What is a Civil Restraint Order (CRO)?

A CRO is a court order issued by a judge that stops a person from re-applying to court. This would be necessary when a person’s application for a court hearing has been refused because it is totally without merit, but they won’t accept the judge’s refusal.

The other party or parties to the proceedings may apply for a CRO.

What are the different types of CROs?

The judge issuing the CRO will decide which order is most appropriate:

Limited Civil Restraint Order (LCRO)

An LCRO may be issued by a judge of any court where a person has made more than one application that is totally without merit. If you are subject to a LCRO and make a further court application without first obtaining the judge’s permission, your application will automatically be dismissed.

Extended Civil Restraint Order (ECRO)

If you continue to go back to court, the judge may issue an ECRO. An ECRO may be issued by a Court of Appeal judge, a High Court judge, and in some cases, a County Court judge. If you are subject to an ECRO and make a further court application without first obtaining the judge’s permission, your application will automatically be dismissed.

General Civil Restraint Order (GCRO)

In extreme cases where an ECRO would not be sufficient, a judge will grant a GCRO.  A GCRO may be issued by a Court of Appeal judge, a High Court judge, and in some cases, a County Court judge. If you ignore a GCRO and continue to go back to court, you will be in ‘contempt of court’ (disobeying or ignoring a court order) and may receive a prison sentence.

In the news:

In recent news, a litigant named Sayed Sangamneheri has been issued with a second ECRO by a High Court judge for continuing to bring meritless claims. As a result, Mr Sangamneheri has been banned from making further applications in the High Court for two years.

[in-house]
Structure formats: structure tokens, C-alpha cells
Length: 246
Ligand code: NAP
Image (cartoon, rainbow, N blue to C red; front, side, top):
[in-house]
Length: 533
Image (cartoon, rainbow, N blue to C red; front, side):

After the collapse of his arbitration case in 2015, Mr Sangamneheri first brought a judicial review against the arbitrator. When this was dismissed as meritless, he proceeded to sue the arbitrator and this claim was also struck out as totally without merit. At this stage, a High Court judge issued a first ECRO against Mr Sangamneheri in 2018. 

Following this however, Mr Sangamneheri has continued to bring court applications in this matter, including a recent claim for £33.3 quadrillion. As a result, earlier this month a High Court judge struck out the claim for being totally without merit and has imposed a second ECRO on Mr Sangamneheri. 

Read about that case here: https://www.lawgazette.co.uk/news/33-quadrillion-serial-litigant-given-two-year-court-ban/5112206.article

How we can help you

This article sets out the basic principles regarding CROs, which form part of the Civil Procedure Rules. At TV Edwards, our Dispute Resolution solicitors are experts in all aspects of civil procedure and litigation. If you would like to find out more about the services we can offer you, please contact the Dispute Resolution team at TV Edwards Solicitors LLP.

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